This Confederate battle flag, captured during the Battle of the Crater, evidences extensive battle damage, including a missing upper right corner. The hand-sewn flag of wool, cotton, and canvas was the standard for the 49th North Carolina Infantry. That unit was posted adjacent to the Union mine that exploded on the morning on July 30, 1864, opening up a huge crater in the ground that was soon swarming with Union troops. The 49th North Carolina held its position at the edge of the Crater until reinforcements could arrive. One of its officers later wrote that "our troops were clinging to the works with the tenacity of despair and fighting with the fury of madmen."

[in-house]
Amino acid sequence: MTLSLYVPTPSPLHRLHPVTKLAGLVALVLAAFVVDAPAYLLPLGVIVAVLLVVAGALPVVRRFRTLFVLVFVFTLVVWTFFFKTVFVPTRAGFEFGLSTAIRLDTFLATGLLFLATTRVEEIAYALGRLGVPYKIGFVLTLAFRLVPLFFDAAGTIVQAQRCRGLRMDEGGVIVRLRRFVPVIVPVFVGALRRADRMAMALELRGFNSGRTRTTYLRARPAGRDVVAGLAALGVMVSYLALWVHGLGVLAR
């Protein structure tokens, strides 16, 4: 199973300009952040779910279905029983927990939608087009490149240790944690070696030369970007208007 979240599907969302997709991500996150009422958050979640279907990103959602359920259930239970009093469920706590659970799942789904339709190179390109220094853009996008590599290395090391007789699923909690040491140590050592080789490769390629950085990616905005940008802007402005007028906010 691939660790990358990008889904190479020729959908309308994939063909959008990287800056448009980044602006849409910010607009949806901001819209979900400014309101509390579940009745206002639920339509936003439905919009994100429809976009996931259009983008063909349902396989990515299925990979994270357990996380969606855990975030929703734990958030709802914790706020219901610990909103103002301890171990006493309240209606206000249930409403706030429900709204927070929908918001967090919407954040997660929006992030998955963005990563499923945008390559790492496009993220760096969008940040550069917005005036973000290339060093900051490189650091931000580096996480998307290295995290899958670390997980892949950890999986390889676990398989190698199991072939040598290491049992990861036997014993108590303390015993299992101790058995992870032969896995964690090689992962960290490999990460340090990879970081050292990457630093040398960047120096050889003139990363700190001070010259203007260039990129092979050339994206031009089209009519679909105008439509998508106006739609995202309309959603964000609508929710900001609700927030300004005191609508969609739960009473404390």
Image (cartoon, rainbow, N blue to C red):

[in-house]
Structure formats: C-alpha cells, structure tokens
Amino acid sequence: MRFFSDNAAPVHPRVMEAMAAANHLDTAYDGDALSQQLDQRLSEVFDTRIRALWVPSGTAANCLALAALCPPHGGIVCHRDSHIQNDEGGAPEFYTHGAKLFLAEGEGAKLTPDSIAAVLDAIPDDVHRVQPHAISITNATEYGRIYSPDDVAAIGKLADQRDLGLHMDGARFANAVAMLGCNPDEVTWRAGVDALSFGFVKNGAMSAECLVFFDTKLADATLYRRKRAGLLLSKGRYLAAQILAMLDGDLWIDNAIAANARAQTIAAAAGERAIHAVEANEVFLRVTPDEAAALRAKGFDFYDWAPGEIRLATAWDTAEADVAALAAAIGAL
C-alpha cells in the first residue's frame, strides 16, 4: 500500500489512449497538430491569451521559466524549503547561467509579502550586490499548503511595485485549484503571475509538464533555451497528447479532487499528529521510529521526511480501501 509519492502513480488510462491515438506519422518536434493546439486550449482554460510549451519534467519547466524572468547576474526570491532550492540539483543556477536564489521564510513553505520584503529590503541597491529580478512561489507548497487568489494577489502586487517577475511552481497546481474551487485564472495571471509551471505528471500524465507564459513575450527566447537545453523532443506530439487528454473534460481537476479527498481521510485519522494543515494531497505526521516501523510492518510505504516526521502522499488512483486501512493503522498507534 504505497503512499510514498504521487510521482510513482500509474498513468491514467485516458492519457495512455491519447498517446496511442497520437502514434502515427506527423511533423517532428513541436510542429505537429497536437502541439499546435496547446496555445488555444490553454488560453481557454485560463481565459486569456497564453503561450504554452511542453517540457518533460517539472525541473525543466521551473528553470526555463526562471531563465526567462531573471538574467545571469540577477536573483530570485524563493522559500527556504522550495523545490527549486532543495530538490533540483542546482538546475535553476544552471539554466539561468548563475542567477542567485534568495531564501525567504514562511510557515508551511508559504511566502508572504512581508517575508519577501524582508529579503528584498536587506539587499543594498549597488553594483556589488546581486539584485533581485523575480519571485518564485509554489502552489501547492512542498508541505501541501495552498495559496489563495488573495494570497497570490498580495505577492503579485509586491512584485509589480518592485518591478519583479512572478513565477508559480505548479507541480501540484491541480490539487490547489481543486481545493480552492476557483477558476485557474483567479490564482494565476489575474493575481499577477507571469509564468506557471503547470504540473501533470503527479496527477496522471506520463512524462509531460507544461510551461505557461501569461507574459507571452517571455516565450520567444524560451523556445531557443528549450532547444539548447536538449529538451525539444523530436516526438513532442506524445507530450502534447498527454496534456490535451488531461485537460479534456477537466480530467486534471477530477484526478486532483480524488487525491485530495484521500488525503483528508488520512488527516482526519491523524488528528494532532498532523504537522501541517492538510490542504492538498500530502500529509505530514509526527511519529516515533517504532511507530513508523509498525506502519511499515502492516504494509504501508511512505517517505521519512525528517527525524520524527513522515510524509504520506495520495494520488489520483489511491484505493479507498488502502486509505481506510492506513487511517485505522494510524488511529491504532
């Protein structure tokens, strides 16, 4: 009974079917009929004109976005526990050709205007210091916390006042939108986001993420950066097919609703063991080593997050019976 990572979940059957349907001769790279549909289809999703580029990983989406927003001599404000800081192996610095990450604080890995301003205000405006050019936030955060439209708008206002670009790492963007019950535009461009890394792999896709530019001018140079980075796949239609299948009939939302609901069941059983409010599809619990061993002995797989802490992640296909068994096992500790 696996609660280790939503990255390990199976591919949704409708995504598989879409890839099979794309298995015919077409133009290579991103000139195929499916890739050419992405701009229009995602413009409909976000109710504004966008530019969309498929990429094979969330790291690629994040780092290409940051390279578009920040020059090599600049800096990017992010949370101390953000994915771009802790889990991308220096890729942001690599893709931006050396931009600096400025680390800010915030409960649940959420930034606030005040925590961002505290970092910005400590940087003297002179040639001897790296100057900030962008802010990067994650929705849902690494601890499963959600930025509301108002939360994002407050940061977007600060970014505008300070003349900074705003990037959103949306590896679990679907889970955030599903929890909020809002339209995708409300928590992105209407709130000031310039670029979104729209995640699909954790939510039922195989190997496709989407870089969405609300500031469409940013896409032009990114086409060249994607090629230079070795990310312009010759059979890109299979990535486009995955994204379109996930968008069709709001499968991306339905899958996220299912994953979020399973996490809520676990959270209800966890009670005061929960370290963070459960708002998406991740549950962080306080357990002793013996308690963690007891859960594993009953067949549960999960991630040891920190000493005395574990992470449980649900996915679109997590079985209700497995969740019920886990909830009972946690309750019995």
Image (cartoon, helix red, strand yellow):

Troops from the 43rd United States Colored Troops (USCT) charged the Confederate entrenchment and took about a hundred prisoners. Captain Albert D. Wright of the 43rd USCT was personally responsible for capturing the Confederate flag and later recounted the event: "While rushing down the breastwork, I saw a flag sticking out of a hole behind the works. Springing on top of the earth around the hole, and, pointing my empty revolver down, I drove out the color-sergeant and guard of six men, took the flag and sent it across to our line." Wounded later in the day, Wright made his way to a hospital behind friendly lines and avoided capture. He received the Congressional Medal of Honor on May 1, 1893, for his actions during the battle.